I’ve always been very brand-loyal with my mobile phones. The first one I purchased was a Sony Ericsson, which I got after my first hand-me-down (an Ericsson) got too old. I stayed with Sony Ericsson until I found out about Windows Mobile 5, which was on a manufacturer’s handset I’d never heard of - HTC. A constant techy person, I remained with HTC for many years, trading up screen sizes before upgrading to Android when Windows Mobile proved to be stuck in a rut.
Which leads me to Samsung. At the time they entered the Android market, I was testing mobile phones for one of the UK’s biggest networks. Samsung had always been more mid-tier handsets, with HTC always the more technical and high end thanks to Windows Mobile and Android - other manufacturers prefered their own OS. So when the Samsung Galaxy S came along, I scoffed at their poor-man’s HTC. Soon enough the S2 was released and my opinion was swaying - Samsung had good features on these things, and they seemed well-made.
It came time to upgrade, long after I left that job, and I took a look at what was on offer - the Samsung Galaxy S4 and the HTC One. It seemed a no-brainer which I would choose after the HTC One X I was using. Until I looked at the features. Samsung had seemingly gone all-out with the S series, whereas HTC had seemingly gone backwards: the big selling point for the One was “It has two front speakers”. Now, not being much of a music-lover, this was something that definitely didn’t appeal to me. So I jumped ship for the ROKS Samsung.
Massive preamble out of the way - I recently upgraded to the Samsung Galaxy Note 4. I had avoided the Note before, as there were issues with the battery life thanks to the huge screen. The Note 4 can charge halfway in half an hour, negating my need to trickle-charge my phone at work just because I listened to podcasts in the car. Even if I leave the wifi connected overnight, my 70% will be 100% by the time I get dressed, and under 40% still won’t need charging before I get in the car to go home - I’ve never felt so secure about a phone battery life.
My favourite feature by far is multi-window - having more than one app open at once on your screen. I’m a big multi-tasker and the feature is quite versatile. Each app (if capable) can be resized and even turned into a pop-out - so you can have a movie playing in fullscreen, with IMDB small and still usable in the corner of the screen. I no longer have to stop watching to look up who ‘that guy’ is, or “What’s he been in?”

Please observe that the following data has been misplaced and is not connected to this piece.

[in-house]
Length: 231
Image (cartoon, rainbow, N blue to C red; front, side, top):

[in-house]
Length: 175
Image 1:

The Note 4 is so packed full of features, I’m finding them out with the tips that pop up. I followed the handset from announcement to launch, yet I had no idea there was a Selfie Mode - tap the rear fingerprint sensor when the front camera is on to take a picture. Both cameras are great - they focus quickly and the images look brilliant on the massive display. I haven’t tried using my fingerprint to lock the phone, but the sensor detects heart rate and blood oxygen levels without fail in the fitness app.
As mentioned above, I love me a big screen. The closer it is to the size of my television, the more likely I am to buy it. I almost went for a Toshiba handset at one point - you know, mobile market leader Toshiba - because they had the biggest screen at the time, with 4.1 inches. Therefore I’m used to having a large screen and the Note 4 isn’t so big that the handset size causes me any difficulties using it. It’s a nice weight, too, so I can tell when it’s in my pocket - which I appreciate as old handsets have always left me with thoughts of “Do I have it?”
I’d be remiss for not talking about the S-Pen - which is apparently better than ever, though I’ve not used one before. It wasn’t one of the selling points to me, and I feared I wouldn’t use it. However, I find myself taking notes for no reason other than just so I can use the S-Pen in a floating memo. It’s really easy to use, can copy things from almost any app and paste or share it as text or an image - you can even trace out an area on your screen and add it to the clipboard.
The final thing I want to talk about are games. The resolution of the screen means that the graphics are more vibrant than ever. One game in particular it has made look better is The Simpsons: Tapped Out. More fits on the screen because of the higher resolution, so it’s much easier to find people I’m looking for. The game also responds much faster than on my S4 - on that it would stutter and stall when too much was occurring on-screen at once. No longer the case with my lovely Note 4!
If your last phone is two or more years old, you can’t go wrong with the Note 4. It’s fast, looks and feels great, and has functionality coming out the wazoo. I weighed up getting this or waiting for the S6 - but the S6 came off looking like a smaller Note 4 with a slightly better camera and no S-Pen. If you’re deciding between the two, I recommend you follow my example - it has a micro-SD slot.
Samsung Galaxy Note 4 Review
If your last phone is two or more years old, you can’t go wrong with the Note 4. It’s fast, looks and feels great, and has functionality coming out the wazoo.